Withdrawal Reflex A reflex is a direct connection between stimulus and response, which does not require conscious thought. There are voluntary and involuntary reflexes. It is the voluntary reflexes we are considering here. As discussed earlier, a reflex involves at least 2 or 3 neurons. The typical components of a reflex are shown in Figure 13.12. The reflex shown in this figure is called a 3-neuron reflex because it requires three types of neurons: a sensory, an interneuron, and a motor neuron. It is also called a withdrawal reflex because it is commonly involved in withdrawing from painful stimuli. Withdrawing from painful stimuli does not require thought. But the interneuron does send a fiber through the spinothalamic tract to the brain where the pain is perceived. This occurs at virtually the same instant you are withdrawing from the stimulus. For example, let's say you accidently touch a hot stove. Instantly you withdraw your hand from the stove, at the same time you are feeling the pain.
Reflex The Stretch Reflex: (See Figure 13.15)

The stretch reflex in its simplest form involves only 2 neurons, and is therefore sometimes called a 2-neuron reflex. The two neurons are a sensory and a motor neuron. The sensory neuron is stimulated by stretch (extension) of a muscle. Stretch of a muscle normally happens when its antagonist contracts, or artificially when its tendon is stretched, as in the knee jerk reflex. Muscles contain receptors called muscle spindles. (See Figure 13.13) These receptors respond to the muscles's stretch. They send stimuli back to the spinal cord through a sensory neuron which connects directly to a motor neuron serving the same muscle. This causes the muscle to contract, reversing the stretch. The stretch reflex is important in helping to coordinate normal movements in which antagonistic muscles are contracted and relaxed in sequence, and in keeping the muscle from overstretching.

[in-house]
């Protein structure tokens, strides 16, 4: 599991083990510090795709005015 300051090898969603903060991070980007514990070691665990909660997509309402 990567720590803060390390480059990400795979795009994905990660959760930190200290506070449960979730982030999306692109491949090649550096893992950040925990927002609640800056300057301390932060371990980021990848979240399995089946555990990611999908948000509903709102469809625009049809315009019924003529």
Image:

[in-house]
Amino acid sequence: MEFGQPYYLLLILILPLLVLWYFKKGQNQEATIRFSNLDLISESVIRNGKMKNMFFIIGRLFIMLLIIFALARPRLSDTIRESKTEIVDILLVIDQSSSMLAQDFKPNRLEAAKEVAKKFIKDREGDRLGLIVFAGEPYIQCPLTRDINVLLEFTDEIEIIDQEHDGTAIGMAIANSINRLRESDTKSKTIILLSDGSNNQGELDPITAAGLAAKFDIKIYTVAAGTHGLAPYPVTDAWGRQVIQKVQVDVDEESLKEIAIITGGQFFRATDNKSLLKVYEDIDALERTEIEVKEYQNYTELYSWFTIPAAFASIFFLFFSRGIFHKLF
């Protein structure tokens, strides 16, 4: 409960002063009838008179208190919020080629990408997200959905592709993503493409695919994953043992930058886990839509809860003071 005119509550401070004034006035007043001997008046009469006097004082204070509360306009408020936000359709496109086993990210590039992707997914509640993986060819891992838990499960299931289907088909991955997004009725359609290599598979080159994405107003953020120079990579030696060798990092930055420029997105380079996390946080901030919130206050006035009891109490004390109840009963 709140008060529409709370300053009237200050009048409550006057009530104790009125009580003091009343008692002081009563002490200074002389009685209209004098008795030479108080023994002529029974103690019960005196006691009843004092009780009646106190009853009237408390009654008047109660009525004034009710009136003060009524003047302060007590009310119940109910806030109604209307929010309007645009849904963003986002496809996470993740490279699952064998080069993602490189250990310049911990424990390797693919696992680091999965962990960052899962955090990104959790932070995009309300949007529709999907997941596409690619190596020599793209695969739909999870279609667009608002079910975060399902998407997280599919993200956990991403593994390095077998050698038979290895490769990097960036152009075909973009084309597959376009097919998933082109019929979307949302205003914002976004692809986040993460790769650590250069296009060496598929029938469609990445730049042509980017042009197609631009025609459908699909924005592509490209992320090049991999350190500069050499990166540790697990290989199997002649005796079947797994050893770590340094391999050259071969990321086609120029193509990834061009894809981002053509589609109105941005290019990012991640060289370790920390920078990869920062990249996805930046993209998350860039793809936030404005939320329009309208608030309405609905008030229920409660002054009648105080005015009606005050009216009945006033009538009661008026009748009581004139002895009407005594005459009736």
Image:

Since at the time of the muscle stretch its antagonist was contracting, in order to avoid damage it must be inhibited or tuned off in the reflex. So an additional connection through an interneuron sends an inhibitory pathway to the antagonist of the stretched muscle - this is called reciprocal inhibition.

Tendon Reflex The Deep Tendon Reflex: (See Figure 13.16)

Tendon receptors respond to the contraction of a muscle. Their function, like that of stretch reflexes, is the coordination of muscles and body movements. The deep tendon reflex involves sensory neurons, interneurons, and motor neurons. The response reverses the original stimulus therefore causing relaxation of the muscle stimulated. In order to facilitate that the reflex sends excitatory stimuli to the antagonists causing them to contract - reciprocal activation.

The stretch and tendon reflexes complement one another. When one muscle is stretching and stimulating the stretch reflex, its antagonist is contracting and stimulating the tendon reflex. The two reflexes cause the same responses thus enhancing one another. [See Complementarity of Stretch and Tendon Reflexes]
Extensor Reflex The Crossed Extensor Reflex - (See Figure 13.17)

The crossed extensor reflex is just a withdrawal reflex on one side with the addition of inhibitory pathways needed to maintain balance and coordination. For example, you step on a nail with your right foot as you are walking along. This will initiate a withdrawal of your right leg. Since your quadriceps muscles, the extensors, were contracting to place your foot forward, they will now be inhibited and the flexors, the hamstrings will now be excited on your right leg. But in order to maintain your balance and not fall down your left leg, which was flexing, will now be extended to plant your left foot (e.g. crossed extensor). So on the left leg the flexor muscles which were contracting will be inhibited, and the extensor muscles will be excited. The textbook illustration uses the arms. Study it to see how the same process works there, even though it isn't necessary to maintain balance.

NEXT: Neurophysiology